Infinity time spiral

We regularly act for lenders in respect of taking security over investment properties let to tenant occupiers. Since the introduction of the 2011 Energy Act there has been a slow but growing emphasis placed on the Government’s impending obligation to set minimum energy performance standards (MEPS) for commercially rented property.

In July, The Department for Energy and Climate Change published its consultation paper on the proposed Private Rented Sector Energy Efficiency Regulations (Non-Domestic). These Regulations must come into force by 1 April 2018 in accordance with a European Directive. The consultation paper sets out the MEPS for private non-domestically let properties and will therefore be of interest to any commercial Landlord.

How does this affect a landlord?

Landlords will be familiar with the requirement to provide an incoming tenant with an Energy Performance Certificate (EPC). EPCs provide an energy efficiency rating on a sliding scale between A and G with A being the most energy efficient).

However, from 1 April 2018 any premises towards the bottom of the EPC ratings may be caught by the implementation of the MEPS. This is because the Government’s proposed MEPS will require all properties let after the 1 April 2018 to meet a minimum energy efficiency rating. Current proposals are that this minimum will be efficiency rating E. Any property with an F or G rating will therefore not be lettable until such works have been carried out as are necessary to bring those premises within the MEPS. It is estimated that this may affect up to 18% of the total commercial rental stock in England and Wales. Further to this a retrospective back-stop date of 1 April 2023 is proposed by which date all rented premises must meet the MEPS (although this will be subject to a number of safeguards to protect landlords).

Why might this affect our ability to secure funding?

Given the impending introduction of MEPS we have increasingly noticed that lenders and their instructed valuers are paying more attention to EPCs: in particular, where they are taking security over commercial investment properties. Lenders are beginning to take the view that they will not lend against properties falling short of the proposed MEPS and we expect this will increasingly become the market norm as the deadline for the implementation of the Regulations approaches.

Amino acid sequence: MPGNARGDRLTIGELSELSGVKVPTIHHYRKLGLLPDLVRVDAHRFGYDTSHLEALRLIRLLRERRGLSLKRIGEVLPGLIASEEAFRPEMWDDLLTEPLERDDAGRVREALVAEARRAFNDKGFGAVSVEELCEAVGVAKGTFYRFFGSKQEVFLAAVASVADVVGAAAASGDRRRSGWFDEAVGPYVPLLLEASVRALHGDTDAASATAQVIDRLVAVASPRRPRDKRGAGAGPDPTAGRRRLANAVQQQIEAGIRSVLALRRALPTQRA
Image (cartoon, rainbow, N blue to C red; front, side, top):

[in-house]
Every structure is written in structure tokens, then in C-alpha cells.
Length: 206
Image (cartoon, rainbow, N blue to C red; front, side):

What next?

Now is the time to start thinking about upgrading any premises falling below the MEPS. Although there may be an initial outlay to improve the energy efficiency rating serious consideration should be given to the potential loss of rental income going forward if you are unable to let your premises after 1 April 2018.

The Government is keen to promote funding through schemes similar to the Green Deal which is currently available for domestic properties. The Green Deal is beyond the scope of this blog post but in essence the Government recognises that there is an inherent unjustness where landlords are expected to pay for improvements which will benefit tenants through lower energy costs, so the idea is that improvements will be provided with no upfront cost but with any costs recoverable through the Tenant’s future energy bills. Similar schemes for non-domestic properties may well become available as the implementation date for MEPS nears.

Now is the time to start taking positive steps towards upgrading rental properties. If you do not have EPCs for any of your properties then consider commissioning them to ensure that you are not left out in the cold come April 2018.

The consultation remains open until 2 September and the paper is available for consideration via

This post was edited by Richard Tindall. For more information, email

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This blog is intended only as a synopsis of certain recent developments. If any matter referred to in this blog is sought to be relied upon, further advice should be obtained.